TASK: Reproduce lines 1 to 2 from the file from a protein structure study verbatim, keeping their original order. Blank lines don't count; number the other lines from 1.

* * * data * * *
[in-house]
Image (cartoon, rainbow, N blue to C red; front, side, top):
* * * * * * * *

[in-house]
Image (cartoon, rainbow, N blue to C red; front, side, top):